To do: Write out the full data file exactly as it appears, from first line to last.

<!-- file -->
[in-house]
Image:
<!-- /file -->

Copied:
[in-house]
Image: